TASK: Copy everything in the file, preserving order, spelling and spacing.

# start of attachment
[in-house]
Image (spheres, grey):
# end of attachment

[in-house]
Image (spheres, grey):